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BYOD: Trinidadian Primary School Teachers Perspective on Teaching with ICT

New Media and Technology

Author Information:

Ms. Leesha Roberts
University of Trinidad & Tobago
Leesha.Roberts@utt.edu.tt

Presentation Information:

Presentation #: 5
Date: 3rd June, 2015
Time: 10:30 am - 12:00 pm
Location: KHAIROON EAST (Room 1)

Abstract:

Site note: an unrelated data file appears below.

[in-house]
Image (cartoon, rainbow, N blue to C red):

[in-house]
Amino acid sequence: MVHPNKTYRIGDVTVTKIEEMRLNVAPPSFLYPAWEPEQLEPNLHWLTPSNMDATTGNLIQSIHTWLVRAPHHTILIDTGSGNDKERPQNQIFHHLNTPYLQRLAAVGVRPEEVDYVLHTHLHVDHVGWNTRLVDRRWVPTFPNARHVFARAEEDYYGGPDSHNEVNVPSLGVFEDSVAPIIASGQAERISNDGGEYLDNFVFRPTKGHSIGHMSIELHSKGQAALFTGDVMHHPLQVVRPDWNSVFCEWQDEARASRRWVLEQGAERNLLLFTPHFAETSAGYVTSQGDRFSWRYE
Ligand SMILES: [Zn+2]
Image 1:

This quantitative research paper will explore primary school teachers? perceptions on the Bring Your Own Device (BYOD) trend within education for teaching and learning in Trinidad. This paper will further explore how teachers approach the use of BYOD in their classroom, and the current successes and challenges experienced as they use various devices for teaching and learning experiences. Given the popularity of a wide range of ICT technologies, teachers have been required to change their pedagogical practices to include ICT in their learning experiences. Previously, the trend was basically the use of computers and the Internet within a computer lab, but now students come to the classrooms knowing how to use devices such as tablets, smart phones and gaming consoles. Therefore, 21st century learners expect to bring and use their personal devices into the classroom during learning experiences(Prensky, 2001; Prensky, 2005; Prensky, 2010). Within Trinidad and Tobago teachers and students utilize these ICT devices outside of the classroom and are connected socially via Facebook, twitter and various public networking applications. However, the transition to schools employing the BOYD initiative within the school seems to be sporadic and prudent in some instances. Teachers, in particular, are familiar with the latest ICT device trends and have even adapted to using ICT to prepare for their classroom lessons, but rarely promote BYOD within the classroom during their learning experiences. This paper is also focused on the continued promotion of 21st century skills paradigm within education and the Anchored Instruction theory (Bransford et al., 1990) because the overall aim is to expose policy makers and educators to a clearer understanding of how learners? needs may be met in technology-rich environments within the primary school.